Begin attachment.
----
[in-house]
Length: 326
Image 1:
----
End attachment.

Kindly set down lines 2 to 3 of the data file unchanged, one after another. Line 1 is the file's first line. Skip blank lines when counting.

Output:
Length: 326
Image 1: